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Off-Duty Lifeguards Save Stranded Couple in California

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By Martin Ricard, AFSCME Council 57 Your Union Never Quit Public Safety

OAKLAND, Calif. – East Bay Regional Parks lifeguards are trained to protect people at the beaches, swimming pools and lagoons throughout the Northern California region. Once those recreation areas are closed for the day, those lifeguards aren’t expected to keep on working.

But that’s exactly what AFSCME Local 2428 members Jack Davis and Adam Fishbaugh did recently when they rescued two people stranded in the estuary at an Oakland park.

Their rescue was not only a sign of their bravery and dedication to the lifeguard code. It’s another example of how AFSCME members never stop serving their communities – even when they’re off the clock.

“It’s one of those things that just happened,” Davis said. “It taught me to be more aware and that anything could happen at any time. You just need to be prepared.”

Pictured are AFSCME Local 2428 members Adam Fishbaugh (left) and Jack Davis. (Photo by Martin Ricard)
Pictured are AFSCME Local 2428 members Adam Fishbaugh (left) and Jack Davis. (Photo by Martin Ricard)

Over the summer, Davis and Fishbaugh, both 18-year-old college students, work at Cull Canyon in Castro Valley. On a Saturday evening in July, Davis was just getting off work and Fishbaugh offered to give him a ride home. With the freeway backed up, Fishbaugh got off in San Leandro and started taking a side street.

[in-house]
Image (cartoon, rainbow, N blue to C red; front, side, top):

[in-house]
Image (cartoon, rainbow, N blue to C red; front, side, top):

As they went around a bend, out of the corner of their eyes, they noticed a man and a woman hanging on to what appeared to be a buoy about 250 feet offshore.

“We didn’t know what it was until we were even with them,” Davis said. “Then we just hit a U-turn and ran across the street to help them.”

Their lifeguarding instincts kicked in right away when they saw that the man and woman weren’t wearing lifejackets and were hanging on to the seat of a sinking jet ski. Davis and another good Samaritan grabbed one side each of the jet ski’s seat and swam to shore with the couple hanging on.

Fishbaugh was right behind them, helping to get the couple to safety and working with the Oakland Fire Department, which had arrived shortly after.

“I was talking to the lady on the seat and trying to calm her down,” Fishbaugh said. “My job was to get her on the rocks, pull them in and transfer them off to Oakland Fire.”

While the two young members take pride in saving the couple, they don’t see themselves as heroes.

As long as they know they have lifeguard training and have pride in wearing the lifeguard shield on their uniforms, Fishbaugh said, they have an obligation to help someone in need.

Davis added: “It’s what we’re trained to do. It’s second nature.”

Never Quit

Do you know public service workers who go above and beyond the call of duty? Nominate them for the AFSCME Never Quit Service Award.